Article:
Last night I went to the Pictures (movies) and saw “End of the line”.
Likened to An Inconvenient Truth for fish, the movie addresses mankind’s hunger for hunting in the oceans and the depleting fish stocks we are creating.
Living in Canada I was aware of the depletion in cod stocks off the coast of Nova Scotia. What I did not know was that these stocks have never recovered. Its quite alarming that as China falsely elevated its catch figures the world thought fish stocks were not an issue until a study in 2002 revealed the falsehood. Analysis then revealed that this issue had reached grave importance from as far back as 1988.
My son is three, when he is thirteen he may well ask me where have all the fish gone. Will be sad to have to tell him that generations before him (perhaps the last two) ate them all.
You can involve your students on this topic through teacher resources provided at the website http://endoftheline.com/ Here you can also buy the movie.
Beware that some of the scenes are a little disturbing.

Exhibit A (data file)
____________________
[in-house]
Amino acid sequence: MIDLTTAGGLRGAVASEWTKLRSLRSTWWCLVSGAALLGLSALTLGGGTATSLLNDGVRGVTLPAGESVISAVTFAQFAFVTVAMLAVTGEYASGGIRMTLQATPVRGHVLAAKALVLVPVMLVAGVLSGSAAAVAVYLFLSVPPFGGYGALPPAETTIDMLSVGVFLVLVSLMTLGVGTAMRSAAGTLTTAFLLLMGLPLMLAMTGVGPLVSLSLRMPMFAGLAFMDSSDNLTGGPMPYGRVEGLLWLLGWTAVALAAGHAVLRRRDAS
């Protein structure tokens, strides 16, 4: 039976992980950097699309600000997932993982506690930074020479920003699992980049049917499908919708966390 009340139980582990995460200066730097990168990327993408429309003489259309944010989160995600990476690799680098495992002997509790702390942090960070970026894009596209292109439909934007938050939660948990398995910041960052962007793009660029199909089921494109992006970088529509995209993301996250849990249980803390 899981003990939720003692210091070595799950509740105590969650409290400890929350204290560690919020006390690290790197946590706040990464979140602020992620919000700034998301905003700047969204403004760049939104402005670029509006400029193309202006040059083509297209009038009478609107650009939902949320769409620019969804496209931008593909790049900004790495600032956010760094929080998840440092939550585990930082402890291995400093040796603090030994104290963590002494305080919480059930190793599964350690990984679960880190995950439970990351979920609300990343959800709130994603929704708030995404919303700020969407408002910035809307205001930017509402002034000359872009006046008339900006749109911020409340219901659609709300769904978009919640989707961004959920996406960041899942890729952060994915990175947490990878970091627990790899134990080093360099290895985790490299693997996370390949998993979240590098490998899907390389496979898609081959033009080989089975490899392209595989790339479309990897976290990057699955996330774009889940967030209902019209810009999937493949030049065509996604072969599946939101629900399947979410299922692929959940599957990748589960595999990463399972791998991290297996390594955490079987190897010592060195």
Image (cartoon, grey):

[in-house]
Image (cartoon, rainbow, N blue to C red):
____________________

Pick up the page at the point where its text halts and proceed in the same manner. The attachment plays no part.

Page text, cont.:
Greenpeace is supporting the movie. Check out their site.
From the International Council for the Exploration of the Sea (ICES) you can download an article discussing the difficulties in counting the fish of the ocean. Described in the movie ‘End of the Line’ as “similar to counting trees except they are invisible and move”.
In order to improve fish stocks and reach the public consciousness, political pressure needs to be applied on those who can affect the change.
An excellent site full of resources which also provides those who are suitably moved to email an online representative to affect change.
I would argue that this topic is presently the most important unit of Ecology (in the context that the issue receives far less attention in the media than other pressing ecological issues) on the syllabus and should be part of the core, not an option and not a HL segment of an option.
I ask that you consider requesting this as the Biology syllabus begins its annual review